posted by jonson at 4:32 PM on November 21, 2005

OS X users see (the FREE) rsyncX for the same functionality.
posted by spock at 5:33 PM on November 21, 2005

Wait a sec... Dean, Hamachi doesn't auto-sync your folders, it's not quite the same thing. This is transparent, automatic synchronization between two or more pcs or macs, which is in my specific case, exactly what I need. Sometimes I'll add a song (or several songs) at work and never remember to migrate them to the home PC.
posted by jonson at 5:50 PM on November 21, 2005

I've been using this for about a week now and highly recommend it. Free and effortless!
posted by Elpoca at 7:11 PM on November 21, 2005

This doesn't make any sense. What if the same file is modified separately on disconnected segments? As far as I can tell, it's not quite up to unison.
posted by cytherea at 10:34 PM on November 21, 2005

In the case you describe, cytherea, and indeed in case where there might be confusion (same file with two different "last modified" dates, deleted files on one end with changes to the undeleted files on the other end, etc), FolderShare asks you what you would like to do on the end it goes to update. thanks for pointing out Unison, however, that does look interesting.
posted by jonson at 10:49 PM on November 21, 2005

Question on install: Where did you hear about FolderShare?


So there you go, jonson, I've done my level best to make sure you get your $5. ;-)
posted by Pigpen at 11:15 PM on November 21, 2005

Awesome! If we are ever at the same meetup, I will give you two dollars and fifty cents.
posted by jonson at 7:14 AM on November 22, 2005

Please explain the "localized P2P" bit. If this requires registering with a central server, and that central server is storing files, then it's hardly localized and hardly directly P2P.

Also, PepsiBlue. And of the worst, money-grubbing sort. Shame, jonson.
posted by five fresh fish at 12:01 PM on November 22, 2005

1) The central server is not storing files, files transfer directly from my home pc to my work one; the central server routes traffic, and if it went down, yes, the service would stop.

2) there's no money grubbing going on, the $5 comment was a joke, which was referenced by crash davis earlier in this thread

3) Alerting people to a free service isn't hawking a product.

Thanks for the call out fish, I'm totally shamed now. Moron.
posted by jonson at 1:23 PM on November 22, 2005

Um, I think the $5 is a joke.

this looks like a great idea, and maybe a good implementation. I'm definitely gving one of the competing products a try before giving MS any more acess to my data than they already have.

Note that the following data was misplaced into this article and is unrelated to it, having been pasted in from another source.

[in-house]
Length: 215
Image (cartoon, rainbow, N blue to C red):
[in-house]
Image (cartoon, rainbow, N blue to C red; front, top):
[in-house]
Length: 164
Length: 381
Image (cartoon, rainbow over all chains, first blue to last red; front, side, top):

posted by Four Flavors at 1:24 PM on November 22, 2005

So why is there a 2Gb limit, if it's P2P?

Why must traffic be routed through their server? Unless things have become seriously degraded over the years, the Internet doesn't require any fixed-path routes from IP address to IP address.

As for the "joke," given the asshat behaviour reported in MeTa today, it was a poor joke indeed. Moran.
posted by five fresh fish at 2:04 PM on November 22, 2005

Ah, your use of "quotes" around the word joke has certainly put me in my place. Kudos to you sir, your wit & sense of humor are still well intact despite all evidence to the contrary.
posted by jonson at 2:15 PM on November 22, 2005

Okay finally got around to using it. I'm really iffy on the security. I don't like how if I log in from another computer I can access every single file on the computer running ShareFolder, for extra security I'd prefer to have (for example) my mp3 folder and only my mp3 folder remotely accesible. I can sorta workaround this by creating a second account and adding that as a friend, so that way I can only access a single folder, but that's a little convoluted. Also it seems like it's not possible to have only a single folder accesible from the web, it's all or nothing.

Why must traffic be routed through their server? Unless things have become seriously degraded over the years, the Internet doesn't require any fixed-path routes from IP address to IP address.

I synced up two computers on the same network and the transfer was way faster than my dsl, so I'm pretty sure it's not going through their server. The central server would be necessary to find out the ip of the other machine.
posted by bobo123 at 5:53 PM on November 22, 2005